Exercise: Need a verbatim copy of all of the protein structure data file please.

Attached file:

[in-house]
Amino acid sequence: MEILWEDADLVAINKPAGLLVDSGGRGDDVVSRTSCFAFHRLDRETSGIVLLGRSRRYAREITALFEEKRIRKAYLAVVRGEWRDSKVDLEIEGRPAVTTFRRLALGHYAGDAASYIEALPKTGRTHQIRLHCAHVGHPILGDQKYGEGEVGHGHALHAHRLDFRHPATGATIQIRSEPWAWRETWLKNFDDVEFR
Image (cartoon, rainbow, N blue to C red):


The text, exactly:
[in-house]
Amino acid sequence: MEILWEDADLVAINKPAGLLVDSGGRGDDVVSRTSCFAFHRLDRETSGIVLLGRSRRYAREITALFEEKRIRKAYLAVVRGEWRDSKVDLEIEGRPAVTTFRRLALGHYAGDAASYIEALPKTGRTHQIRLHCAHVGHPILGDQKYGEGEVGHGHALHAHRLDFRHPATGATIQIRSEPWAWRETWLKNFDDVEFR
Image (cartoon, rainbow, N blue to C red):